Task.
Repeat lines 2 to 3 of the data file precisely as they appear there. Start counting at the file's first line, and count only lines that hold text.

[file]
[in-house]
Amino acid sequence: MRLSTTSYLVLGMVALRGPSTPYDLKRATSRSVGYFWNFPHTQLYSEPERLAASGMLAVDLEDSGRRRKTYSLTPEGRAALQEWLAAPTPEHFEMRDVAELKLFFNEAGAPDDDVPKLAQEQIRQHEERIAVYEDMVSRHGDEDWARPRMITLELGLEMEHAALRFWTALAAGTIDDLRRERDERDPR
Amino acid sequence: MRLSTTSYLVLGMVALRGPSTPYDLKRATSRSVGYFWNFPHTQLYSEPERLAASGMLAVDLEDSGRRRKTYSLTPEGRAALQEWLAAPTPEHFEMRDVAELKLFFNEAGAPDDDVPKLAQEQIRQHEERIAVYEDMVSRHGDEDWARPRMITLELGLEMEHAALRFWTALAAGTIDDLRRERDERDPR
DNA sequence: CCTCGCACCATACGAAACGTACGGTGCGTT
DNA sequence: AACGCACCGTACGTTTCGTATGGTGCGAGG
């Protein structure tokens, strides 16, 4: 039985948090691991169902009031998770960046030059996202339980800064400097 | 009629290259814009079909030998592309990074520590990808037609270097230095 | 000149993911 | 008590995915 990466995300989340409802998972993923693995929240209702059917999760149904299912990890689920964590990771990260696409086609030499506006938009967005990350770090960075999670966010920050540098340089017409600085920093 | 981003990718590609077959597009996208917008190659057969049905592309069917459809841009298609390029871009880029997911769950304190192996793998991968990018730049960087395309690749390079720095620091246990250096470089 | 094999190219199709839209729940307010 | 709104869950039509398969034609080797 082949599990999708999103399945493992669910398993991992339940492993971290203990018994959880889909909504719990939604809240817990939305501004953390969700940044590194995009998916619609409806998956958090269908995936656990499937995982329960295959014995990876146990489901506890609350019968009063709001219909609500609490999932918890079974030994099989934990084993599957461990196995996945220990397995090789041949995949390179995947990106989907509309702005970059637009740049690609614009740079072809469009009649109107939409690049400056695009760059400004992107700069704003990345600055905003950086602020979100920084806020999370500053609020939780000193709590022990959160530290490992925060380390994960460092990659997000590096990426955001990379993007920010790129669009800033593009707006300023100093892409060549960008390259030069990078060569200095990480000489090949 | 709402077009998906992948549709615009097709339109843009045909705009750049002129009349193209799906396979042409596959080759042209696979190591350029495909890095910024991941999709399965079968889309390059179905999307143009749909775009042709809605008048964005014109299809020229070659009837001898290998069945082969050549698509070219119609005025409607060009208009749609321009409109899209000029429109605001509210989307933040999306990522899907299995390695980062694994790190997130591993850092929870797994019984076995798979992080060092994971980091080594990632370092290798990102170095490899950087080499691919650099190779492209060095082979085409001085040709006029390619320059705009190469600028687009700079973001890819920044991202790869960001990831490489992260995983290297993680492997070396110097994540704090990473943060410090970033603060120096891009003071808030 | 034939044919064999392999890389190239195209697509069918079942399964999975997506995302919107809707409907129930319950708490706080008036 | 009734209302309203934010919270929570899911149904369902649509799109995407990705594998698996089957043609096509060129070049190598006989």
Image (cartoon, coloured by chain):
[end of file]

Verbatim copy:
Amino acid sequence: MRLSTTSYLVLGMVALRGPSTPYDLKRATSRSVGYFWNFPHTQLYSEPERLAASGMLAVDLEDSGRRRKTYSLTPEGRAALQEWLAAPTPEHFEMRDVAELKLFFNEAGAPDDDVPKLAQEQIRQHEERIAVYEDMVSRHGDEDWARPRMITLELGLEMEHAALRFWTALAAGTIDDLRRERDERDPR
Amino acid sequence: MRLSTTSYLVLGMVALRGPSTPYDLKRATSRSVGYFWNFPHTQLYSEPERLAASGMLAVDLEDSGRRRKTYSLTPEGRAALQEWLAAPTPEHFEMRDVAELKLFFNEAGAPDDDVPKLAQEQIRQHEERIAVYEDMVSRHGDEDWARPRMITLELGLEMEHAALRFWTALAAGTIDDLRRERDERDPR